Christmas markets are always held at night, and always outside, as a nod to the traditional winter markets from the medieval period of Europe from which these markets originate. It’s part of the experience and atmosphere to wander the market under the glow of string lights, sipping hot mulled wine (or Glühwein), passing by the gleams of artisan booths and street vendors selling gingerbread hearts, hot chestnuts, and of course wurst (German sausage) sold in all shapes, sizes, and variations. Even better? Most German cities date back to the medieval times so the architecture and natural ambiance of these city centers are enough to make you feel like you’ve stepped right into another era. It’s a tradition the Germans hold sacred and is very much a celebration of culture, on display to celebrate for the Christmas holiday.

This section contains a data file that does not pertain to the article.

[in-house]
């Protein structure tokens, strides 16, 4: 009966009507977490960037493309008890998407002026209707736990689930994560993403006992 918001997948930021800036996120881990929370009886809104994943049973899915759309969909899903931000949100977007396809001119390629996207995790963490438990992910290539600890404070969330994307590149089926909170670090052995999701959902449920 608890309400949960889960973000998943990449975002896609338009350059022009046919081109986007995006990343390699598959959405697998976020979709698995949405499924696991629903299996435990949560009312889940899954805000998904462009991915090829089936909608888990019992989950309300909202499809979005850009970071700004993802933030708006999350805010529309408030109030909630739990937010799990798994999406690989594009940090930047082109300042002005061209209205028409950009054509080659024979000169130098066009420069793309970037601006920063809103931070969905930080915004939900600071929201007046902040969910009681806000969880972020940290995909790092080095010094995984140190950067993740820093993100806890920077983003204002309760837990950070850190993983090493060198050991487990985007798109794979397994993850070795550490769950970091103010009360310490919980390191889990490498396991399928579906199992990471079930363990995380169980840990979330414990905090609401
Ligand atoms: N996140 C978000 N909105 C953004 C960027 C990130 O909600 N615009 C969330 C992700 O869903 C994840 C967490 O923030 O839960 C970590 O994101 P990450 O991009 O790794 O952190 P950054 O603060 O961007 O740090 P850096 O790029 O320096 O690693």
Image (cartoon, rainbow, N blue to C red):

If you get the chance to visit Germany during the holiday season, you’ll have your pick of German Christmas markets. The Nuremberg Christmas Market, or Nürnberger Christkindlesmarkt, is one of the most well-known and oldest markets dating back to 1628. The Dresden Christmas market Striezelmarkt is another popular market considered the first and oldest Christmas market founded in 1434. Held in Altmarkt Square, you’ll find the world’s largest Erzgebirge step pyramid here along with wood crafts, and of course seasonal delicacies like Christstollen.

A doll of La Befana, or good witch.


So ingrained in this country’s holiday celebration, the traditional visit from La Befana, or good witch, has become more than just a tradition but part of Italian folklore. Every year on the eve of the Feast of the Epiphany, Italian children set out stockings or leave out shoes in preparation for a visit from La Befana who leaves candies and chocolates for good children. And just as in the U.S., this benevolent witch doesn’t shy away from the values of morality, leaving naughty children a cold lump of coal. Sound familiar?